Zimmer off to good start with Vikings

EDEN PRAIRIE -- Minnesota Vikings coach Mike Zimmer has been around the NFL long enough to know now isn't the time to thump his chest and declare "Mission Accomplished!"...

USA TODAY Sports St. Louis Rams quarterback Austin Davis (9) attempts to pass under heavy pressure from Minnesota Vikings defensive lineman Brian Robison, left, and Shawn Wooton (99) during the second half Sunday at the Edward Jones Dome in St. Louis.

EDEN PRAIRIE - Minnesota Vikings coach Mike Zimmer has been around the NFL long enough to know now isn’t the time to thump his chest and declare “Mission Accomplished!”

“It was a good start,” Zimmer said the day after winning his head coaching debut, 34-6, at St. Louis. “We were a tough-minded, physical football team.

“But we have to keep grinding. This is one game out of 16. We know the schedule, and it’s a little different deal this week.”

Yes, the Vikings are going from Shaun Hill and Austin Davis to playing host to Tom Brady and a Patriots team that’s presumably ticked off for blowing a double-digit halftime lead in a loss at Miami.

But for a few days, Vikings fans deserve to enjoy one of the best season openers in franchise history, not to mention the successful debut of dramatically different coaching philosophies on both sides of the ball.


Both Zimmer, the de facto defensive coordinator, and offensive coordinator Norv Turner were unpredictable and aggressive while winning the turnover battle, 2-0.

“It’s so much different than what we’ve been doing around here for a long time,” linebacker Chad Greenway said, referring to the switch from a conservative, read-and-react Tampa 2 scheme to a multi-faceted pressure-based attack that confused the Rams throughout Sunday’s game. “Once we get lined up, we play fast.”

Offensively, Turner called a game that quarterback Matt Cassel was able to execute efficiently. Cassel threw for only 170 yards, but had a 113.8 passer rating and kept a cool head during some early hiccups caused by penalties and crowd noise.

Turner also sprinkled in three carries for 102 yards, including a 67-yard touchdown off a perfectly-blocked toss sweep, for receiver Cordarrelle Patterson.

Defensively, Zimmer used multiple fronts and blitz packages that had the Rams guessing and scrambling to match up with players such as rookie first-round draft pick Anthony Barr and defensive ends Everson Griffen and Brian Robison lining up in different spots throughout the game.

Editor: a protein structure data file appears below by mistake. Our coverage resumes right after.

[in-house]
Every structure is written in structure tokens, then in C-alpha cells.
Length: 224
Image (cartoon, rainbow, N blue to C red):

Embattled No. 3 cornerback Josh Robinson made the play of the game with a leaping interception barely in bounds late in the first half. That gave the Vikings a short field and a quick touchdown for a 13-0 lead at the half.

Meanwhile, the big beneficiary of Zimmer’s diverse schemes will be free safety Harrison Smith, who had a sack and an 81-yard interception return for a touchdown.

“In this defense, you get to do a lot,” Smith said. “You mix things up, which puts the offense on its toes instead of dictating things to us.


“You get to blitz, you get to play deep, you get to play all over the place, really. It’s a lot of fun as a football player.”

A season ago, the Vikings finished last in the league in points allowed (30.0 per game). Sunday, they gave up the second-fewest points on opening day in franchise history. So, yeah, everybody seems to be having fun right now.



It wasn’t beautiful, but it was efficient and turnover-free. And the way the Vikings are constructed, that’s enough to win. Matt Cassel threw for only 170 yards, but his passer rating was 113.8. His calm amid an early storm in a loud Edward Jones Dome contributed to the Vikings moving past a tenuous 6-0 lead late in the second quarter to a 34-6 blowout. Three penalties in one three-and-out and a 19-yard loss on a shotgun snap that wasn’t expected would have had a lasting effect on some of the previous quarterbacks the Vikings have had recently. Receiver Greg Jennings had a team-high six catches as he and Cassel continue to get comfortable together. Jennings had two third-down catches for first downs and also caught one of Cassel’s two red-zone touchdown passes. Tight end Kyle Rudolph caught the other.